“Meeting the Icelanders was my favorite part of the trip – in part because of the people we were able to meet, but also because that day we saw some of the most spectacular scenery. It was great to have a personal tour, to be able to learn about Iceland and connect with real people”. (Sara – USA)

I look forward to the years to come.

Helga Kristin Fridjonsdottir( Helga Stina)

Founder and owner of Iceland Unwrapped by helgastina

More info on travel planning and extraordinary experiences

Beer – An important part of the Iceland experience

There has never been a better time to be a beer drinker in Iceland, with an unprecedented mix of clean-tasting lagers and craft-brewed ales, stouts, porters and Belgian-style options available to locals and travelers alike.

While Icelanders are fond of their beer, the good times have only rolled in the Land of Fire and Ice since 1989, when the country lifted its national ban on normal-strength beers.

The ban was intended to keep the hooch-loving locals on the straight and narrow, but its widespread subversion by bar owners and party hosts who mixed the watered-down 2% alcohol “Pilsener” with prime Icelandic vodka, led to a release of the small country’s untapped potential as a truly micro microbrewing superpower.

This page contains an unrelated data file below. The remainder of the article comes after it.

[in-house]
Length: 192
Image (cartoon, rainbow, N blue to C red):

For those who indulge, Iceland offers a potent mix of microbrews.  Indeed, given the size of the market, even its standard lagers would be microbrews anywhere else.  I am a big fan of two: Gull and Brio, which are both brewed at Reykjavik’s Olgerdin brewery and benefit from the pristine Icelandic glacier water with which they are brewed. Olgerdin also has a small visitor’s center and a range of craft micro beers, the Borg range, anchored by Borg’s Garun Nr.19 Icelandic Stout and with more than 60 mainly British, Irish, and Belgian-inspired brews.

My preferences aren’t universally shared: rival lager Viking Beer, from the city of Akureyri in the country’s north, beats out Reykjavik’s Gull as the country’s market leader.  Perhaps its slogan gives some insight: “You deserve to feel like a Viking at heart. You deserve to drink like one too. You deserve Viking Beer.”

Akureyri’s also represented in the world of craft and micro beers, with Einstok, a local brewery. Einstok produces ales, bocks and porters highlighting the city’s proximity to the Arctic Circle, and enjoys good national distribution.

Sampling these brews is easy in Iceland’s often-excellent collection of pubs and beer bars, with Olstofan and Kaldi being personal favorites.  Olstofan is kind of like a laid-back journalists’ bar with enthusiastic bartenders, and Kaldi more like a US fraternity house from the late 1980s.

Outside of the bars and licensed restaurants, finding a decent beer requires some local knowledge.  Unless you go to the state-run Vinbudin, which has a healthy selection of more than 300 beer options, it will be as if 1989 had never happened.

But a cold lightweight “pilsener” with one of Iceland’s distinctive lamb-based hot dogs, or with a hamburger at a gas station lunch counter has its place. It is a traditional part of the Iceland experience.

If you are coming to Iceland, will beer be on your agenda? Helgastina can arrange brewery visits, recommend watering holes and make sure your favorite microbrew type is waiting for you when you Dine with the Icelanders.

Mike Klein is an American writer and Belgian beer enthusiast based in The Netherlands.